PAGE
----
Caixin
Nov 25, 2014 07:04 PM
ENVIRONMENT

Scientists Issue Warning over Development of Coastal Wetlands

(Beijing) -- Scientists have sounded the alarm over what they say is excessive development of China's coastal wetlands that has already led to billions of dollars in losses from deterioration to the environment.

Scientists from China, the United States, Netherlands and New Zealand have written an article in the latest issue of the magazine Science that says building of seawalls to protect land used for development will have environmental repercussions.

The November article is headlined "Rethinking China's new great wall" and says the building of seawalls covers 60 per cent of the Chinese mainland's coastline of 18,000 kilometers.

The scientists' paper warned that this "caused a dramatic decline in internationally shared biodiversity and associated ecosystem services and will threaten regional ecological security and sustainable development."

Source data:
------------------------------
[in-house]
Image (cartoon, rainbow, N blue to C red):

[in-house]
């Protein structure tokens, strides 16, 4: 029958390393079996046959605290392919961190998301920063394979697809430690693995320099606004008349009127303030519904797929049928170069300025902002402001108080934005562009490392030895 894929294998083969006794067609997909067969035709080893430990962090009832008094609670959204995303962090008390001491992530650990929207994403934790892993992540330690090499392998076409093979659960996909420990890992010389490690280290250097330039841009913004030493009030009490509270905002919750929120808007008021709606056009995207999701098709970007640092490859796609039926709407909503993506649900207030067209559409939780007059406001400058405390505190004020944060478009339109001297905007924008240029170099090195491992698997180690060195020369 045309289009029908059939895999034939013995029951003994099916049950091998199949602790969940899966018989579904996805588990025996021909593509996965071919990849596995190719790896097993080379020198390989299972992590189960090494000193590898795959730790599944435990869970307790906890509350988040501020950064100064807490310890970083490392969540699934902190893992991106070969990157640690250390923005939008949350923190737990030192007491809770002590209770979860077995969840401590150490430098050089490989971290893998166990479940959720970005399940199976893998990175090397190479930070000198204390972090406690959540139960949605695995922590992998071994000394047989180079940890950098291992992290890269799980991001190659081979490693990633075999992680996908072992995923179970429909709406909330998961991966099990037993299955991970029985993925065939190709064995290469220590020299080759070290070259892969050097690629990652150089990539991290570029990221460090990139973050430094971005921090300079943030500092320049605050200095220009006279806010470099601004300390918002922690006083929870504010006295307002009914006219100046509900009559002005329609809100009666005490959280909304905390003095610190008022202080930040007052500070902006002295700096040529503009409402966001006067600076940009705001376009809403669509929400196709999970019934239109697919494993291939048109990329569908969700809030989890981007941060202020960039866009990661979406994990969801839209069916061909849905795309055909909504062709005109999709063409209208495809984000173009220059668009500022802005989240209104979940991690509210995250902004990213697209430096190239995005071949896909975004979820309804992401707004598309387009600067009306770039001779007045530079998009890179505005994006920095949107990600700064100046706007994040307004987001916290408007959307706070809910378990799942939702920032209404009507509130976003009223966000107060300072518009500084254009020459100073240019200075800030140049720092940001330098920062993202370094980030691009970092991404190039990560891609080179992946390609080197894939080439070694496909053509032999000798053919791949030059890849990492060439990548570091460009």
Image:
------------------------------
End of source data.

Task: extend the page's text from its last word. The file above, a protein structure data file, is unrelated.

China has in recent years carried out a large amount of land reclamation along its coastal regions, which comprise 13 per cent of the country's land mass but contribute 60 per cent of its gross domestic product, the scientists say.

Since 2000, the country has reclaimed 40,000 hectares of coastal wetland each year for industrial parks, ports and other projects, up from 24,000 hectares a year from 1950 to 2000.

Citing government land reclamation plans, the scientists said the figure is expected to rise to 60,000 hectares per year from this year until 2020.

This building has caused the country problems such as water pollution, environmental degradation and the coastal region's vulnerability to climate change.

Land reclamation in coastal areas had caused China US$ 31 billion in losses due to the deterioration of the ecosystem, the article said, citing research from China Council for International Cooperation on Environment and Development.

The scientists attributed the expansion of seawalls to an obsession with GDP growth, lack of laws and their enforcement, and conflicts of interest between the central and regional governments.

China formed an action plan for protecting its wetlands in 2000, and announced a blueprint for wetland conservation projects four years later.

The country has designated 34 nature reserves in coastal regions, and 14 of them are protected by the Convention on Wetlands of International Importance. However, there has been little enforcement because jurisdictions are unclear.

(Rewritten by Li Rongde)

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